In recognition of Professor Herbert E. Carter's extraordinary accomplishments and mentorship, Professor Carter's students and associates founded the Herbert E. Carter Fellowship to support promising Biochemistry students in their graduate studies at the University of Illinois. The Herbert E. Carter Lectureship in Nutritional Biochemistry and Preventive Medicine is sponsored by Dr. William Lands, one of Professor Carter's last graduate students at Illinois. Dr. Lands is renowned as a leading authority on fats and lipids in metabolism and nutrition, and was also the discoverer of the mechanism of action of aspirin. It is Dr. Lands' intent, through the Carter Lectureship, to inspire biochemical research that will influence molecular medicine and preventive nutritional measures to address chronic human diseases.
About Herbert Carter
Herbert E. Carter was born in 1910 to Indiana farmers and graduated with an AB degree in Chemistry from DePauw University in 1930. He then moved to the University of Illinois for his graduate work in organic chemistry with Professor Carl "Speed" Marvel. Upon completion of his PhD in 1934, Dr. Carter was hired as the second member of the newly formed Division of Biochemistry by its head, Professor William C. Rose. Carter and Rose collaborated in the discovery of the essential amino acid threonine and determined its structure. This led to Carter's pioneering work in determining the structure of sphingosine, from which he coined the term "sphingolipids" to encompass the family of cerebrosides, sphingomyelins, and gangliosides that are associated with the brain and nervous system. Professor Carter also made significant contributions to the structural knowledge of glycolipids and antibiotics. His outstanding work was recognized by a number of honors including the Eli Lilly Award in Biological Chemistry and early election, at the age of 43, to the National Academy of Sciences. Professor Carter served as Head of the Chemistry and Chemical Engineering Department, Acting Dean of the Graduate College, and Vice Chancellor of Academic Affairs at the University of Illinois before moving to the University of Arizona to foster the development of interdisciplinary programs.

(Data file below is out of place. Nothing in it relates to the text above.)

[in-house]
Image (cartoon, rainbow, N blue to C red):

At the national level, he served as a member of the Council of the National Academy of Sciences, Chair of the National Science Board, as well as President of the American Society of Biological Chemistry.
2012-13: Dr. David M Sabatini
Whitehead Institute for Biomedical Research and Massachusetts Institute of Technology, Cambridge, MA
"Regulation of growth by the mTOR pathway"
2010-11: Dr. Leonard Guarente
Massachusetts Institute of Technology, Cambridge, MA
"Sirtuins, Aging and Disease"
2009-10: Dr. Ronald M. Evans
The Salk Institute for Biological Studies, La Jolla, CA
"Nuclear Receptors and AMPK-Resetting Metabolism"